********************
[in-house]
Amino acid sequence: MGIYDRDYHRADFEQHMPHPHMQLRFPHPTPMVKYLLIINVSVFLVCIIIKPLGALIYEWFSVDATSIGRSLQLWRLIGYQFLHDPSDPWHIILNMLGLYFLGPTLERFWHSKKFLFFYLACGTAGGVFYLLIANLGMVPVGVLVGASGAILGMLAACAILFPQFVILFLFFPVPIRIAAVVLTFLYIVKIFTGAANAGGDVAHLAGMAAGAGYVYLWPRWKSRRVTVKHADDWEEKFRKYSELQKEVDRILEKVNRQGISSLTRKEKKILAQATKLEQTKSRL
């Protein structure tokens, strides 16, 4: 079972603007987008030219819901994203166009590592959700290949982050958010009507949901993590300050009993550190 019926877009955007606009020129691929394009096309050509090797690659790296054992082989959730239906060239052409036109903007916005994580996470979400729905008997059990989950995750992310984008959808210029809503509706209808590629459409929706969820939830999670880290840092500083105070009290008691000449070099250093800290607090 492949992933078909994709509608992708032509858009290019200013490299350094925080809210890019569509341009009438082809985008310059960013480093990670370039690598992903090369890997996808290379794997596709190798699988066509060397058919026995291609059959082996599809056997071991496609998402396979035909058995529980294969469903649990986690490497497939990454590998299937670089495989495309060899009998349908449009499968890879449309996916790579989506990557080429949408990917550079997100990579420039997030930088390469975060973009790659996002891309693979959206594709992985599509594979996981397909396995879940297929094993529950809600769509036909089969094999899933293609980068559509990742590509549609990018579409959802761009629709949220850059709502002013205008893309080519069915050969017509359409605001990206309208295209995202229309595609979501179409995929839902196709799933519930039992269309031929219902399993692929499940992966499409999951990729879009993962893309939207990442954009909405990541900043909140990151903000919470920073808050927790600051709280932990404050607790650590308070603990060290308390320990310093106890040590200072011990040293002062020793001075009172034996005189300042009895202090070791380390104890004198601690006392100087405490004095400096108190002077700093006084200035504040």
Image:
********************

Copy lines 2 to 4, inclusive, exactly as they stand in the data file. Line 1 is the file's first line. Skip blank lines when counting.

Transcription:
Amino acid sequence: MGIYDRDYHRADFEQHMPHPHMQLRFPHPTPMVKYLLIINVSVFLVCIIIKPLGALIYEWFSVDATSIGRSLQLWRLIGYQFLHDPSDPWHIILNMLGLYFLGPTLERFWHSKKFLFFYLACGTAGGVFYLLIANLGMVPVGVLVGASGAILGMLAACAILFPQFVILFLFFPVPIRIAAVVLTFLYIVKIFTGAANAGGDVAHLAGMAAGAGYVYLWPRWKSRRVTVKHADDWEEKFRKYSELQKEVDRILEKVNRQGISSLTRKEKKILAQATKLEQTKSRL
């Protein structure tokens, strides 16, 4: 079972603007987008030219819901994203166009590592959700290949982050958010009507949901993590300050009993550190 019926877009955007606009020129691929394009096309050509090797690659790296054992082989959730239906060239052409036109903007916005994580996470979400729905008997059990989950995750992310984008959808210029809503509706209808590629459409929706969820939830999670880290840092500083105070009290008691000449070099250093800290607090 492949992933078909994709509608992708032509858009290019200013490299350094925080809210890019569509341009009438082809985008310059960013480093990670370039690598992903090369890997996808290379794997596709190798699988066509060397058919026995291609059959082996599809056997071991496609998402396979035909058995529980294969469903649990986690490497497939990454590998299937670089495989495309060899009998349908449009499968890879449309996916790579989506990557080429949408990917550079997100990579420039997030930088390469975060973009790659996002891309693979959206594709992985599509594979996981397909396995879940297929094993529950809600769509036909089969094999899933293609980068559509990742590509549609990018579409959802761009629709949220850059709502002013205008893309080519069915050969017509359409605001990206309208295209995202229309595609979501179409995929839902196709799933519930039992269309031929219902399993692929499940992966499409999951990729879009993962893309939207990442954009909405990541900043909140990151903000919470920073808050927790600051709280932990404050607790650590308070603990060290308390320990310093106890040590200072011990040293002062020793001075009172034996005189300042009895202090070791380390104890004198601690006392100087405490004095400096108190002077700093006084200035504040």
Image: